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Thursday, 6 November 2014

‘The Zig Zag Girl’ by Elly Griffiths



Published by Quercus in hardback,
6 November 2014.
ISBN: 978-1-84866-985-7

I have to confess to a smidgen of disappointment when I realized that The Zig Zag Girl wasn’t a new addition to Elly Griffiths’s wonderful Ruth Galloway series, featuring the bleakly beautiful Norfolk landscape and a forensic archaeologist with real, human problems. But I should have known better. There’s absolutely nothing disappointing about Griffiths’s venture into post-war Brighton and a world of variety theatre and stage magic.

With a background based loosely on snippets picked up from the author’s music hall comedian grandfather, the narrative follows a detective inspector and a top-of-the-bill magician as they pursue a murderer whose modus operandi is to recreate stage illusions, though with fatal consequences: The Zig Zag Girl of the title, in which a girl appears to be cut into three pieces, a cupboard pierced with swords, and the sinister Wolf Trap.

From the outset the mystery seems to have its roots in the wartime past, when Edgar, the DI, and Max, the magician, were part of a special forces team set up to create illusions to fool the Germans into backing off from a potential invasion.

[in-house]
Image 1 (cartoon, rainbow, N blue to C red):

As in the Ruth Galloway series, there’s an intriguing cast of characters including a couple of feisty women, and for both leading players there’s a sense of not quite being in control of the situation. The case is something of a rite of passage for Edgar, still settling into a role he is ambivalent about. Max has begun to realize that the days of music hall are numbered; television is in its infancy, but about to become the next big thing, and Agatha Christie’s The Mousetrap is playing to full houses while variety shows are waning in popularity.

The theatrical environment – grubby dressing rooms, shabby lodgings – comes across loud and clear too; Griffths has a keen nose for atmosphere, both for this and for the kind of semi-detached lower-middle-class home and attitudes which proliferated during the post-war period.

I’ll be glad to see additions to the Ruth Galloway series, but it’s also good to know that Elly Griffiths has more than one string to her bow. If Edgar and Max develop into a series, I’ll certainly be following their adventures.
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Reviewer: Lynne Patrick

Elly Griffiths is the author of a series of crime novels set in England’s Norfolk county and featuring forensic archaeologist Ruth Galloway. The first in the series, Crossing Places, earned a good deal of praise both in Griffiths’ native country, England, and in the U.S. The Literary Review termed it “a cleverly plotted and
extremely interesting first novel, highly recommended.  Since then Elly has written five further novels featuring forensic archaeologist Ruth Galloway, The Janus Stone, The House at Seas End, A Room Full of Bones, Dying Fall. The Outcast Dead is her latest book is

www.ellygriffiths.co.uk 


 Lynne Patrick has been a writer ever since she could pick up a pen, and has enjoyed success with short stories, reviews and feature journalism, but never, alas, with a novel. She crossed to the dark side to become a publisher for a few years, and is proud to have launched several careers which are now burgeoning. She lives on the edge of rural Derbyshire in a house groaning with books, about half of them crime fiction.






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